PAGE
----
The Way-Back Machine
RIDE TO WORK by Steve Lita, Editor
…some of Harley’s bike styles are similar to its forebears of almost 30 years ago…
While considering images for this month’s cover, Creative Director Tricia found a dynamic shot of the custom Sportster featured on page 40 coming straight at the camera. We loved the shot and actually mocked up a proposed cover with it. As a matter of fact, since that shot didn’t make cover, we bring it to you on the table of contents (page 8). And the conversation ensued that “we just don’t use camera angles like that” on the cover of American Iron Magazine. All in all I’d say we came up with a killer alternative cover shot nonetheless.
Later that same day I was perusing some vintage issues from our archives, looking for data on an Evo-powered Dyna, and bang! There it was. The cover of the January 1990 issue of AIM featured a bearded “gentleman” wearing a denim vest festooned with assorted HOG member patches riding a sled-puller Harley on a dirt track, and he was coming straight at the camera! I had to laugh and immediately told Trish about it. I guess we had used that camera angle before.
But another fact was quickly evident: “Look at the guy,” Trish said, “This looks like it could have been taken just yesterday.” Again, we laughed. The clothing style of the rider and lack of protective gear lent itself to the same image of riders we often see on the road today. Granted, some of Harley’s bike styles are similar to its forebears of almost 30 years ago as well. But this guy was wearing no gear in a competitive “racing” environment. Sent chills up my spine.
I’m not going to preach and tell you what to wear when you ride, but I would hope that all American Iron readers take necessary precautions and wear whatever you feel proper for riding the mean streets out there (and they certainly are mean at times). While you’re at it, please check out Cris Sommer Simmons’ Guest Column on page 24 for some of her observations on the same topic.
As I mentioned earlier, that guy on the January 1990 cover was on a bike competing in a motorsport. It was essentially a tractor puller, but with only two wheels. Having been to my share of tractor pulls over the years I’ve seen some massive engine explosions. I mean catastrophic engine failures that produce fire, spraying hot oil and fragments of engine block in all directions like shrapnel. That guy back in 1990 must have had nerves of steel, and the event producer must not have had liability insurance. Because I’m sure do-gooder policy makers have mandated increased safety regulations for today’s motorsports events. In sportsman-level drag racing, amateur racers wear full-leather suits and full-face helmets, even in the heat of summer.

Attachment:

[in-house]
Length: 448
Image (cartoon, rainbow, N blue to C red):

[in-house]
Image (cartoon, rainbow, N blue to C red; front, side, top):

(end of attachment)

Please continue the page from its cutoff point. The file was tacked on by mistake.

Do they even run motorcycle tractor pulls these days? Is it still a thing? I’d love to see it sometime, just to check that one off the list. A quick search of the Internet only brought me to some motorcycle-engine-powered-tractor tractor pulls, and some trike-pulling rigs as well. But neither of those pose the risk of toppling over on your side like a two-wheel-pullin’ bike would.
By the way, the cover price of that 1990 January issue was just $2.95. Does anyone remember what a gallon of gas cost back then?
So now I go from tractor pulls to this: I’d like to take this opportunity to give you some great news! With this issue of American Iron Magazine, we welcome back the missives of Mr. Sam Whitehead. Straight off his assignment as an undercover arborist who infiltrated a rowdy band of outlaw lumberjacks keen on perpetuating the deforestation of the South American rainforest, he returns to our midst. We share with you his dissertation on the Dyna that is the envy of all who admire Bling. This opus is not some mindless prose of a distant dramatist. Nay, ’tis the composition of a true novelist of all matters of unusual motorcycle. That’s not meant as a slight on our varied array of talented creative writers, but we’re just elated to hear Sam’s bellowing laugh waft across the office and know that the keyboard attached to his desktop is in for the sound thrashing it so righteously deserves. We hope you enjoy.